Issue Date: September 5, 2011
Chemists Helping All Chemists
This is the fifth and final Comment in a series launched last month by ACS President Nancy B. Jackson (C&EN, Aug. 8, page 52). All five of these Comments have been dedicated to the theme “Paying It Forward,” in which members take the initiative to help other members find jobs and thrive despite these uncertain economic times.
Every day, we read about the dismal employment outlook. Right now, the national unemployment rate is hovering above 9% in the U.S. Chemical workers have generally fared better, with unemployment at 3.8%. As ACS Director-at-Large Valerie J. Kuck explained in last week’s Comment, however, aggregate national employment statistics don’t provide the whole picture (C&EN, Aug. 29, page 41). Kuck focused on key regional differences, noting that employment opportunities for chemists were particularly tight in the Middle Atlantic and Pacific Regions.
As the chair of the ACS Committee on Minority Affairs, I’d like to draw your attention to employment disparities among minorities. As measured by the 2010 ACS ChemCensus survey, nationwide unemployment among chemical workers is 6.3% for African Americans, 4.6% for Hispanics, and 4.3% for Asians. On the other hand, the national unemployment rate for whites in chemistry is 3.7%.
Not only are minorities having a more difficult time finding employment, but these employment disparities may also send a signal to young minorities that a career in chemistry may not be the best choice for them. We can speculate about the underlying reasons for the disparities in employment among ethnic and racial groups in chemistry; however, there is no doubt that we need to take action to correct these disparities.
The chemical industry will work best when all voices have an equal opportunity to be heard. Different backgrounds mean different experiences and different ideas. All of these diverse backgrounds and ideas can, and should, contribute to the advancement of the chemical enterprise.
Fortunately, we can do many things to help all our fellow members and ensure equal opportunity and fair representation in the chemical sciences. ACS, for example, has several initiatives managed primarily at the organizational level, such as apportioning scholarships to support education and advocating for public policy to spur job growth. Nevertheless, ACS is often most effective by developing initiatives that empower individual members to pay it forward and help other members. Our Paying It Forward website (www.acs.org/payingitforward) and ACS Career Consulting Programs are just two examples of such initiatives.
Just launched, the “Paying It Forward” campaign was created to facilitate the communication of both job and networking opportunities for ACS members across the U.S. If each ACS member sent in just one lead, the forum would make it possible for hundreds, if not thousands, of members to sail through today’s economic storm.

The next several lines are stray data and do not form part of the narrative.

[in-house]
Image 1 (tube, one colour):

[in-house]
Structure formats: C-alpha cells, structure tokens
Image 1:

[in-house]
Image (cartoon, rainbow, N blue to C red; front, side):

If you know of job openings, I urge you to post them at the website. Likewise, if you know of good networking opportunities for ACS members, please post them. These could be an ACS local section or technical division initiative, job club, alumni reception, or other event. The more opportunities members have to learn about job openings and talk with prospective employers, the better their chances will be of landing a job. I am thankful that fellow ACS members provided me with job leads and support when I was unemployed. One of those leads resulted in my current position.
If you have more time to pay it forward, please consider volunteering as an ACS career consultant. ACS designed the Career Consulting Program to support the career goals of all members, from recent graduates to seasoned professionals. Moreover, career consultants work with members seeking employment in all job sectors: industry, academia, government, and nonprofit.
As a career consultant, you’ll serve as a mentor to fellow ACS members, helping them design and execute effective job search strategies as well as locate specific job opportunities. Career consultants help members strengthen their résumés and improve their interview skills so they can make strong, positive impressions on prospective employers.
ACS Careers provides a complete training program for prospective career consultants, enabling them to fully leverage their background and experience in order to help other ACS members reach their goals. For full details, including the requirements and responsibilities of a career consultant, visit www.acs.org/careerconsulting.
The Career Consulting Program is just one way that you can mentor fellow ACS members. ACS local sections and divisions offer many more opportunities and are eager to hear your ideas for developing new programs to support and mentor members.
The ACS Division of Computers in Chemistry (COMP), for example, offers COMP Together, which provides opportunities for networking and career growth through a series of national and local outreach programs. This initiative offers seminars, networking events, and mentoring lunches. On Tuesday, Aug. 30, for example, COMP Together sponsored a COMP mentor lunch at the ACS national meeting in Denver. At the local level, COMP Together Champions serve as advocates and mentors, organizing events in nine local areas. For more information, visit www.acscomp.org.
Paying it forward can happen at many levels—from offering a quick tip on the Paying It Forward website to serving as a mentor. The one thing we know from experience is that paying it forward definitely works at any level. I therefore urge you to take the initiative and pay it forward whenever and however you can. If we all do what we can, we all can thrive.
Views expressed on this page are those of the author and not necessarily those of ACS.
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